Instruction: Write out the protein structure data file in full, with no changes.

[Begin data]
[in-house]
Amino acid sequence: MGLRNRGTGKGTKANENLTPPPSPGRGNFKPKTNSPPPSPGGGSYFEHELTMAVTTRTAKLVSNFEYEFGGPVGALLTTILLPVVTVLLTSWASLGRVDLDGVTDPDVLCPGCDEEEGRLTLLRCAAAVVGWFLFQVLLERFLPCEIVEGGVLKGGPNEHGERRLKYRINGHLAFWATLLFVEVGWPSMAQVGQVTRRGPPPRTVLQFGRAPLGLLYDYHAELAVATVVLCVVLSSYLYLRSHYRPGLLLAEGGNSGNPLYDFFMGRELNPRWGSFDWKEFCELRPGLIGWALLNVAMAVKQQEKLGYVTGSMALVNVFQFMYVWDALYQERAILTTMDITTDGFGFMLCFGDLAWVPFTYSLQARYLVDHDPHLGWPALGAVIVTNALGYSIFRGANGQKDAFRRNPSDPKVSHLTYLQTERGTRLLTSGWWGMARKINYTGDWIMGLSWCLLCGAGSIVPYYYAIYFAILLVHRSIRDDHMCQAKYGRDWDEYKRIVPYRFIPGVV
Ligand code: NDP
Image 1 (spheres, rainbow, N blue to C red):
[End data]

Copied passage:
[in-house]
Amino acid sequence: MGLRNRGTGKGTKANENLTPPPSPGRGNFKPKTNSPPPSPGGGSYFEHELTMAVTTRTAKLVSNFEYEFGGPVGALLTTILLPVVTVLLTSWASLGRVDLDGVTDPDVLCPGCDEEEGRLTLLRCAAAVVGWFLFQVLLERFLPCEIVEGGVLKGGPNEHGERRLKYRINGHLAFWATLLFVEVGWPSMAQVGQVTRRGPPPRTVLQFGRAPLGLLYDYHAELAVATVVLCVVLSSYLYLRSHYRPGLLLAEGGNSGNPLYDFFMGRELNPRWGSFDWKEFCELRPGLIGWALLNVAMAVKQQEKLGYVTGSMALVNVFQFMYVWDALYQERAILTTMDITTDGFGFMLCFGDLAWVPFTYSLQARYLVDHDPHLGWPALGAVIVTNALGYSIFRGANGQKDAFRRNPSDPKVSHLTYLQTERGTRLLTSGWWGMARKINYTGDWIMGLSWCLLCGAGSIVPYYYAIYFAILLVHRSIRDDHMCQAKYGRDWDEYKRIVPYRFIPGVV
Ligand code: NDP
Image 1 (spheres, rainbow, N blue to C red):